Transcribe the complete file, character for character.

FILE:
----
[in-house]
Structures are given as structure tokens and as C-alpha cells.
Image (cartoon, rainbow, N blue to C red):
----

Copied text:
[in-house]
Structures are given as structure tokens and as C-alpha cells.
Image (cartoon, rainbow, N blue to C red):